World Rugby have begun live-streaming classic men’s and women’s Rugby World Cup matches to fill the rugby void for fans created by the coronavirus pandemic.


The free-to-access streaming on the Rugby World Cup Facebook page kicked off with the RWC 1991 quarter-final between France and England.

Twenty-nine years later, one of the participants that day, Brian Moore, has been giving a brilliant blow by blow account of the match on Twitter as he re-watched it.

Moore, the starting English hooker, said the atmosphere at the game was one of the most intense he had ever experienced.

“The face off in the tunnel heightened the tension further as in those days teams never faced each other like this. It was always away side first followed by home side. The glaring and muttering was very hostile.”

“I looked down the French lineup and saw some on the verge of tears with pent up emotion. Never, before or after had I felt an atmosphere of malevolence like it.”


“When the French got running and the crowd bayed it was impossible to hear anything. As all comms have said – ‘never experienced tension like it.'”

Moore also revealed some of the English tactics that day, and how they planned to target French maestro Serge Blanco. “It was a plan to test Blanco and he didn’t like getting rucked. In those days refs didn’t always call the mark and you couldn’t hear it so Heslop was entitled to challenge. Punches from Blanco and Champ would be red today.”


“The plan was to tighten and tighten the game and force France to play. Then tackle and pressure and see them implode.”

Moore also pinpointed a scrum in which he recalls being eye-gouged. It’s unlikely that any Frenchman will be cited, however, as nearly three decades have passed since the incident.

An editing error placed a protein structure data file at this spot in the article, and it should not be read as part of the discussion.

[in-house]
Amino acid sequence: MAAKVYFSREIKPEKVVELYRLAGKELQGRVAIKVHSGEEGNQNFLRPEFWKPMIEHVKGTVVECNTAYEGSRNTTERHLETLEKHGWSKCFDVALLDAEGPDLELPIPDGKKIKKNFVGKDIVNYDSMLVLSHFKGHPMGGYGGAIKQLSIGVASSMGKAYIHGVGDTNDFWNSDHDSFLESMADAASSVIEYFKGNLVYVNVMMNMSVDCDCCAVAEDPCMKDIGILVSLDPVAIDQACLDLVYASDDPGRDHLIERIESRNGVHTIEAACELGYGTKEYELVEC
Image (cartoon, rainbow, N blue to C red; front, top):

Moore played against French backrow Mark Cecillon that day. Fifteen years after the match Cecillon shot his wife dead in front of 60 people at a party in Saint Savin in France. He was originally sentenced to 20 years in prison, which was reduced to 14 on appeal. He was released early from prison after serving just seven years.

The streaming has given modern-day fans a taste of rugby back in the ‘good old’ days. Many fans have been taken aback by the speed of the scrums.

“See how quick the scrums were in those days. 20 seconds from whistle to ball out after the strike. Another difference – then you just got on with it – today there would have been players surrounding the referee making square signs. And not every scrum that didn’t complete was a penalty.”

“See how low the front rows are without collapsing – that is due to feet not being parallel for the props – able to scrummage much lower than now.”

Moore didn’t have too much sympathy for teammate Rob Andrew, who was being targeted by the French. “Another red today for Sella – we sympathised because Rob deserved what he got.”

The behaviour of players has also changed, as noted by the no-nonsense frontrow turned commentator.

While we’re all living in very strange and frightening times, the internet throwing up light entertainment gems like this is a blessing.

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